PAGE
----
Prime Minister Says Greece Won’t Achieve Its Primary Surplus Targets After 2018

Conceptual image for talking points related to the Greece national debt crisis and bailout.

(Greece) – Alexis Tsipras, the Prime Minister of Greece, has said that the country won’t be able to achieve its primary surplus targets after 2018 when its current bailout expires. Because of this, he is hoping to negotiate lower budget goals with international creditors.

Speaking with journalists, Tsipras said, “We guarantee that we are going to reach the [3.5% primary] surplus, even if we have to use the fiscal brake, but only once in 2018.” He made this statement while he was flying back to Greece after visiting China for several days in order to attract Chinese investments to Greece.

In the summer of 2015, Greece agreed to increase its primary surplus to 3.5% of the Gross Domestic Product by 2018 and also to maintain that in the medium term. However, Greece insists that after this time, it will be difficult to achieve this. Currently, there is a state legislature in place that will automatically cut state spending if the company misses its budget targets.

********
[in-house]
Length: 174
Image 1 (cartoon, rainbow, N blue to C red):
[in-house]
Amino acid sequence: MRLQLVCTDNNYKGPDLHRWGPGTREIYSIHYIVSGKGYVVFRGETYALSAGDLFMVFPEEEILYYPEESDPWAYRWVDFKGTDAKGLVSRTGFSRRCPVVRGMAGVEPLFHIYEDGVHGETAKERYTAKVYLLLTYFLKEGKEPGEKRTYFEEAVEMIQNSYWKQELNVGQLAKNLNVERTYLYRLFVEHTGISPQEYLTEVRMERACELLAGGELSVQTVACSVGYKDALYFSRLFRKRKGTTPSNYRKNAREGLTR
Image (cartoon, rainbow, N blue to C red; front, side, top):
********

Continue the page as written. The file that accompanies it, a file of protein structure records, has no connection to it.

Tsipras has said that it is difficult reaching these targets. He said, “We are telling [the creditors]… come on let’s get serious and look at what is going to happen in the next decade and set a sensible target of 1.5% to 2%.” The International Monetary Fund agrees with Greece and agrees that they won’t be able to achieve surpluses of more than 1.5% for the foreseeable future.

However, the European Central Bank, European Commission, and European Stability Mechanism all disagree. They believe that the current requirements are perfectly reasonable. Some of the more pessimistic of Greece’s creditors even believe that a primary budget surplus of at least 3% is perfectly achievable from 2018 and into the 2020’s.

Greece’s debt crisis began to surface in 2009 and the country’s first bailout occurred in 2010. Since that time, Greece’s international creditors have said that the Greek government needs to reduce spending and increase revenue.





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